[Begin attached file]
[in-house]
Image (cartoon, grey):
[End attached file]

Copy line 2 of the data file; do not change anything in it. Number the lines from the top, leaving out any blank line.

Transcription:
Image (cartoon, grey):